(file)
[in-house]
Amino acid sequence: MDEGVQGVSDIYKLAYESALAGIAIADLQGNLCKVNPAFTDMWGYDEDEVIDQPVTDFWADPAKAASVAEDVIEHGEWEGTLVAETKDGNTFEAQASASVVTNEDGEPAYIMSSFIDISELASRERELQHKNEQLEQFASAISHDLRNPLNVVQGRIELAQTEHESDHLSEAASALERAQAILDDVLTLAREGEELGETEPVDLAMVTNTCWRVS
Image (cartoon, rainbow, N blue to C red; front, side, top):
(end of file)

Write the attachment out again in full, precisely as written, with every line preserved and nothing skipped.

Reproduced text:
[in-house]
Amino acid sequence: MDEGVQGVSDIYKLAYESALAGIAIADLQGNLCKVNPAFTDMWGYDEDEVIDQPVTDFWADPAKAASVAEDVIEHGEWEGTLVAETKDGNTFEAQASASVVTNEDGEPAYIMSSFIDISELASRERELQHKNEQLEQFASAISHDLRNPLNVVQGRIELAQTEHESDHLSEAASALERAQAILDDVLTLAREGEELGETEPVDLAMVTNTCWRVS
Image (cartoon, rainbow, N blue to C red; front, side, top):